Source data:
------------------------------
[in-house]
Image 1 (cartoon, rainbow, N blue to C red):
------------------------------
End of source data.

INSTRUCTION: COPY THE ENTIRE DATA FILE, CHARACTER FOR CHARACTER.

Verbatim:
[in-house]
Image 1 (cartoon, rainbow, N blue to C red):